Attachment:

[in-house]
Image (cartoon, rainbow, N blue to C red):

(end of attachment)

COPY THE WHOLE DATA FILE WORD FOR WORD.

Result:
[in-house]
Image (cartoon, rainbow, N blue to C red):